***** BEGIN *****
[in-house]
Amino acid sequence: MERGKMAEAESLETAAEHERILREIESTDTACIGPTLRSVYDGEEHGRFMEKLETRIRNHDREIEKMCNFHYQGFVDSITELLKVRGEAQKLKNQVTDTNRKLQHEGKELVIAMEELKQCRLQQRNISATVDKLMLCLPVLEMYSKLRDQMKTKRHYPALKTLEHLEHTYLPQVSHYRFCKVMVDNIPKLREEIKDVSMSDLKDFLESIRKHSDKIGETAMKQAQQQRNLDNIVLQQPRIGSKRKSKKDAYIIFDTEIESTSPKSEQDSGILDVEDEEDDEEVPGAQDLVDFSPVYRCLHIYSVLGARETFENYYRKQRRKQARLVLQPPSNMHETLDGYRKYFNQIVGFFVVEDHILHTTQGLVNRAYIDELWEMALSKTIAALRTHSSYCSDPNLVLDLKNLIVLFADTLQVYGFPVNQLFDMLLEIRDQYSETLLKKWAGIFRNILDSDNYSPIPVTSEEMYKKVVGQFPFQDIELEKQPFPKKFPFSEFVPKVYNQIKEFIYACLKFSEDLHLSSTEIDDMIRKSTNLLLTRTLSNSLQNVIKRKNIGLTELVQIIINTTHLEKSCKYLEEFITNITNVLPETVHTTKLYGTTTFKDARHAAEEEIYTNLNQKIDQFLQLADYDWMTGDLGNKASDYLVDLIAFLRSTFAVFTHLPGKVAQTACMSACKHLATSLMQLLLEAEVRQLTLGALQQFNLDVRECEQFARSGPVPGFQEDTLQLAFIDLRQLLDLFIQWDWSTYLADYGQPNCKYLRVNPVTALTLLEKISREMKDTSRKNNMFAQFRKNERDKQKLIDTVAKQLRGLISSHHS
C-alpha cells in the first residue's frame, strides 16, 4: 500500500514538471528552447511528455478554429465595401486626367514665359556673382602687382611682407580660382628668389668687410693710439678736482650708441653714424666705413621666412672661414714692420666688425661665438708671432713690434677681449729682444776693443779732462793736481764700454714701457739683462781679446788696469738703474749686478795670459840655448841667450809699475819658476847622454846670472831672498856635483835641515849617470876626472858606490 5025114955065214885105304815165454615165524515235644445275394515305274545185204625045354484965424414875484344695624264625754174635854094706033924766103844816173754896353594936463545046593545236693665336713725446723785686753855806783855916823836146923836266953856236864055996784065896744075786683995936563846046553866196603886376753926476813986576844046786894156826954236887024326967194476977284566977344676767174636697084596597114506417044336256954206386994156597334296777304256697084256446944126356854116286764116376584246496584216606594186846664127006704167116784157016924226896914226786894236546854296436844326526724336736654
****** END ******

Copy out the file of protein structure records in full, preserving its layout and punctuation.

[in-house]
Amino acid sequence: MERGKMAEAESLETAAEHERILREIESTDTACIGPTLRSVYDGEEHGRFMEKLETRIRNHDREIEKMCNFHYQGFVDSITELLKVRGEAQKLKNQVTDTNRKLQHEGKELVIAMEELKQCRLQQRNISATVDKLMLCLPVLEMYSKLRDQMKTKRHYPALKTLEHLEHTYLPQVSHYRFCKVMVDNIPKLREEIKDVSMSDLKDFLESIRKHSDKIGETAMKQAQQQRNLDNIVLQQPRIGSKRKSKKDAYIIFDTEIESTSPKSEQDSGILDVEDEEDDEEVPGAQDLVDFSPVYRCLHIYSVLGARETFENYYRKQRRKQARLVLQPPSNMHETLDGYRKYFNQIVGFFVVEDHILHTTQGLVNRAYIDELWEMALSKTIAALRTHSSYCSDPNLVLDLKNLIVLFADTLQVYGFPVNQLFDMLLEIRDQYSETLLKKWAGIFRNILDSDNYSPIPVTSEEMYKKVVGQFPFQDIELEKQPFPKKFPFSEFVPKVYNQIKEFIYACLKFSEDLHLSSTEIDDMIRKSTNLLLTRTLSNSLQNVIKRKNIGLTELVQIIINTTHLEKSCKYLEEFITNITNVLPETVHTTKLYGTTTFKDARHAAEEEIYTNLNQKIDQFLQLADYDWMTGDLGNKASDYLVDLIAFLRSTFAVFTHLPGKVAQTACMSACKHLATSLMQLLLEAEVRQLTLGALQQFNLDVRECEQFARSGPVPGFQEDTLQLAFIDLRQLLDLFIQWDWSTYLADYGQPNCKYLRVNPVTALTLLEKISREMKDTSRKNNMFAQFRKNERDKQKLIDTVAKQLRGLISSHHS
C-alpha cells in the first residue's frame, strides 16, 4: 500500500514538471528552447511528455478554429465595401486626367514665359556673382602687382611682407580660382628668389668687410693710439678736482650708441653714424666705413621666412672661414714692420666688425661665438708671432713690434677681449729682444776693443779732462793736481764700454714701457739683462781679446788696469738703474749686478795670459840655448841667450809699475819658476847622454846670472831672498856635483835641515849617470876626472858606490 5025114955065214885105304815165454615165524515235644445275394515305274545185204625045354484965424414875484344695624264625754174635854094706033924766103844816173754896353594936463545046593545236693665336713725446723785686753855806783855916823836146923836266953856236864055996784065896744075786683995936563846046553866196603886376753926476813986576844046786894156826954236887024326967194476977284566977344676767174636697084596597114506417044336256954206386994156597334296777304256697084256446944126356854116286764116376584246496584216606594186846664127006704167116784157016924226896914226786894236546854296436844326526724336736654